Feature Friday Interviews spotlight rare and wonderful individuals who embody characteristics of The Liberation Artist: living outside the status quo while writing their own rules and carving a unique path to self-defined success. This week it is with great pleasure that I introduce you to the acclaimed founder of the very clever Improv Everywhere, Charlie Todd. Through Improv Everywhere, Charlie has delivered increasingly popular hijinks such as “No Pants Subway Rides” where folks ride the subway sans pants, as well as “Best Buy” where he had a large number of folks show up at an area Best Buy wearing khakis and blue shirts, standing around, causing confusion and a lot of fun, and flash mobs such as “Frozen Grand Central” where folks showed up and all stood frozen in Grand Central. His “Experiments” – a now annual event where literally 1000s of people download an MP3, gather a few items, and then show up at the pre-set location, hitting play at the same time and following the directions – hilarious and a LOT of fun, as your host here at The Liberation Artist can tell you from first-hand experience. Again, check out Charlie’s work, and make your way through the videos at Improv Everywhere – you won’t regret it. Better still, sign up and participate in a few – I highly recommend the Experiment series and Black Tie Beach!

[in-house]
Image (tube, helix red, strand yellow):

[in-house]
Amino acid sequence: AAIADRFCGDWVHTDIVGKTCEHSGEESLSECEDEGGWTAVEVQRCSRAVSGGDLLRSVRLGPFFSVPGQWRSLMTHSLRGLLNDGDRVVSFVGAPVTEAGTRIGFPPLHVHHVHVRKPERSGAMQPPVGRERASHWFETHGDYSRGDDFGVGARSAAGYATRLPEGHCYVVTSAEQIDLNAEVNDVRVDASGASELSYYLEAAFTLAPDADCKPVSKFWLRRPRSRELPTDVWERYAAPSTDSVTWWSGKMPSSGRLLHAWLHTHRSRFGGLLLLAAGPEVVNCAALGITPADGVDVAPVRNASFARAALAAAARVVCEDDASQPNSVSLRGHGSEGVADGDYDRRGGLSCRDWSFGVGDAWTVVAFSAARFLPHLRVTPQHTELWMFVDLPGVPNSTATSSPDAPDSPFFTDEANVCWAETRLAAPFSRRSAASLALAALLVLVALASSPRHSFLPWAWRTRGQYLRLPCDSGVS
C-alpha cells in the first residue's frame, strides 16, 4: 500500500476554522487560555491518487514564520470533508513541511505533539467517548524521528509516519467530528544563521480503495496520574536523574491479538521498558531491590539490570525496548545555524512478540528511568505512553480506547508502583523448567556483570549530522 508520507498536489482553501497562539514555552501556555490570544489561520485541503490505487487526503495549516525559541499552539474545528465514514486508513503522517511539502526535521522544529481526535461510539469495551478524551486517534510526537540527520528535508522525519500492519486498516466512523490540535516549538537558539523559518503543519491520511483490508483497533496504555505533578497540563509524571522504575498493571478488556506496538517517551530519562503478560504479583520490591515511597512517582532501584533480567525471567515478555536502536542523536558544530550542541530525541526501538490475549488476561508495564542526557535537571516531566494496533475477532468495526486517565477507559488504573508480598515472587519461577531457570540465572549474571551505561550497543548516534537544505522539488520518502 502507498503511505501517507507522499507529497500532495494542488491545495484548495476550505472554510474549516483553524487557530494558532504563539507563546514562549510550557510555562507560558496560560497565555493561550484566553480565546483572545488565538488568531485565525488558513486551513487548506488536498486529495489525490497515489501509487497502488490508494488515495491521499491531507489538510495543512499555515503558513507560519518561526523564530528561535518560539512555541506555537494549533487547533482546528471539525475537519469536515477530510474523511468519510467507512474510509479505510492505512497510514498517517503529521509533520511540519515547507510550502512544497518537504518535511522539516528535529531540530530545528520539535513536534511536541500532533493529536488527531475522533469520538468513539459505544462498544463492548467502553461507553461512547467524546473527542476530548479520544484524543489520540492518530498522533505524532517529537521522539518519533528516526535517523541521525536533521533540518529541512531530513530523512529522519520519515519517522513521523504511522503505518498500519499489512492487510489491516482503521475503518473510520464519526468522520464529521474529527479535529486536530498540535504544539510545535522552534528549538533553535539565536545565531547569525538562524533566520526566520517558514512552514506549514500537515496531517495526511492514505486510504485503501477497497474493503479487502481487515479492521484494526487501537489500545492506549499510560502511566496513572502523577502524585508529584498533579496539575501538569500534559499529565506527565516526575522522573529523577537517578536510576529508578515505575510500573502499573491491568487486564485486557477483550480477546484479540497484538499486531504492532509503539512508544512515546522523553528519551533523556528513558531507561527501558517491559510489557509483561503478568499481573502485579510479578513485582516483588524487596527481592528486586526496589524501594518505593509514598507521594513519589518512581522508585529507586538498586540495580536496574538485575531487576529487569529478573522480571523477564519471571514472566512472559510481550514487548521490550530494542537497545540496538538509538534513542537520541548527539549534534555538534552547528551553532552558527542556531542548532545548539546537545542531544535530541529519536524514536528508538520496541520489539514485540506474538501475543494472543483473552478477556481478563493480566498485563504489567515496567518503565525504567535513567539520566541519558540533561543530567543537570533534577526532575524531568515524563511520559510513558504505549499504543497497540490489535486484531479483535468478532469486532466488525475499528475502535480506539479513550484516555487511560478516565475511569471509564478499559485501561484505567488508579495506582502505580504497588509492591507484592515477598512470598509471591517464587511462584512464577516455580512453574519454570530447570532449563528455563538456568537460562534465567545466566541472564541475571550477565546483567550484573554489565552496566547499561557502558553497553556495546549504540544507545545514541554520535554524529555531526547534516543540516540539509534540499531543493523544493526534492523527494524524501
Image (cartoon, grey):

You will quickly see that Charlie’s path has been very much outside the box, as he’s created a life for himself that fits his personality – and in a career very much off-the-beaten-path of status quo. Charlie’s story is intriguing in pure Liberation Artist style, his having shaped it as he went, seemingly one great caper at a time. I highly encourage you to check out his work – it is brilliant, both hilarious and outright thought provoking. I’m absolutely thrilled at this opportunity to introduce you to Charlie, and to his work. Without further ado, allow me to first share with you Charlie’s bio, followed by his interview. Enjoy – it will be worth the read!